Classroom

Set Up Your Classroom For Success

When setting up the classroom for young learners (students from Preschool to 2nd grade), it is paramount to remember who the classroom is for--the kids!

Educators are responsible for teaching a slew of academic standards, while celebrating each child's unique needs as he/she is strengthened academically, socially, morally, physically, and emotionally. A challenging task indeed! But with a thoughtful classroom setup designed with areas for discovery, play, practice, and more, we as teachers can promote learning success while keeping students excited about and engaged with learning.

Following is a checklist of "Must-do's" when setting up an early learning classroom.


Does Your Classroom Have?


defined areas for learning

Children needs to be taught in a way that allows them the opportunity to grow and develop through play; the way children learn best. There should be areas in the classroom dedicated to science, social studies, writing, building, dramatic play, technological skills, math play, and reading. All of these areas should show evidence of hands-on learning. Young children learn best from hands-on discovery and  participation with academia, rather than hands-off lecture or rote style worksheet learning.

Discovery Based Learning Materials

When first entering your classroom, discovery learning should be evident. One should easily see things like puzzles, magnets, magnifying glasses, and other important learning manipulatives. Young children learn best through hands-on learning where they can make discoveries about the world around them. The materials that make this possible should be stored at their level where they are able to access.

Areas To Promote Play

play.jpg

Research provides evidence that play is the work of children. Academic performance is improved when learning tasks are presented through playful situations. For example, children can understand the elements of a story better (characters, setting, etc) if they are asked to dramatize the story. There should be a playhouse or a play area in your child’s classroom as well as a block center and a sensory table. Areas like this show that the teacher is dedicated to teaching in a research based, age appropriate way.

Areas For Artistic Expression

Is there an area for painting, cutting, gluing and creating? Art strengthens spatial awareness, motor skills, problem solving, and persistence. Think of the child who has to work out how to cut up pieces of paper and glue them together in a way that makes a picture, not only is that child building the strength of his/her hands, he also needs to learn patience in completing the task--a skill that he can transfer to other academic areas.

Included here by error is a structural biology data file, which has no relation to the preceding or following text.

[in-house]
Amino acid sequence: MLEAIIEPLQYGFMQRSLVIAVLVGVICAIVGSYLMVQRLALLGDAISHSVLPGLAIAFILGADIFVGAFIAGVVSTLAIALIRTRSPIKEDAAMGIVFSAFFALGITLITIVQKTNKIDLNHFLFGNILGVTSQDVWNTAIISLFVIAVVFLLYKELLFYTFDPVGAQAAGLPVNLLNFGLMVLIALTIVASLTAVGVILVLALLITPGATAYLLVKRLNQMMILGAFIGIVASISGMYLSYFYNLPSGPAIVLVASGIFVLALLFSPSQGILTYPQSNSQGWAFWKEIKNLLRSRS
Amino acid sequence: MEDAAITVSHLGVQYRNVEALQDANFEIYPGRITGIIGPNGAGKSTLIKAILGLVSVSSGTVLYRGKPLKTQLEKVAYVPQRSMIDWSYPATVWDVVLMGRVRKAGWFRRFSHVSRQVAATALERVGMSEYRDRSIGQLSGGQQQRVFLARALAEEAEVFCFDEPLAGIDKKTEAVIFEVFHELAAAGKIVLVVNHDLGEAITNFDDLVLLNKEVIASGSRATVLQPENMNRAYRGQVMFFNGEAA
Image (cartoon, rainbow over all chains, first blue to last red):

Areas To Display Student Work

Seeing ones own work in the classroom shows a child that he/she is valued and that stamina, persistence, and accomplishments are worthwhile. It gives students ownership of the classroom and ownership over their own learning if work is displayed and valued.

Print Littered Across The Classroom

Children need vast exposure to print in order to learn to read. The classroom should have evidence of literacy everywhere. There should be words around the classroom as a friendly invitation to reading.

Areas for Literacy development

Create a classroom library. Have comfy chairs with books and book buddy pets. Have a listening center, and read the room activities easily assessable. Children love to practice reading. Encourage this natural desire by having song posters, poetry charts, name charts, birthday charts, and more at a level for students to easily reach with their pointers.

Areas For Writing

Create a space for students to experience and practice newly acquired writing skills independently. Have the area well stocked with all types of writing and book making supplies. Provide anchor charts and word walls that will offer students support.


When setting up your classroom, resist the trends. Don't give into the academic pressures that become ever greater each year; this leads many to think that they need to remove anything from the day that isn’t strictly academic. This is faulty thinking. Research has proven that young children actually do better academically when taught in a way that reflects their need to play, experiment, and create. Teaching to the whole child actually leads to better results. You will be surprised. Your children will thrive in an early learning classroom that has been strategically set for play-based discovery learning and is led by a teacher that scaffolds student learning in appropriate ways.

Learning Center Signs: Dress up the classroom & Inform the Observer!

I love these Learning Center Signs that continually remind and inform not only myself, but anyone that comes into my classroom, what young children are learning in defined areas throughout the room each day.

Each sign has an "I Am" statement that informs the observer of the learning objectives that take place during center time in an early learning classroom. These posters/charts have a photograph (or clip art) reflecting the center, center title, and a list of objectives and career connection that truly cause the reader to reflect upon the objectives.

This chalkboard style contains 26 "I Am" posters from which to choose, pocket chart or center board title cards for each poster, and a special BONUS: sizable jpegs of each page for customizing your own size!

 


If clip art is more your style, you will love this version containing the same objectives and career connection. It also includes pocket chart cards. This version comes with both I AM and I Can Statement choices and has 40 center choices.

 

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Velcro Fabric Bulletin Board Background